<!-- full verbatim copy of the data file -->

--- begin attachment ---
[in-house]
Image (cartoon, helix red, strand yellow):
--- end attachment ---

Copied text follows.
[in-house]
Image (cartoon, helix red, strand yellow):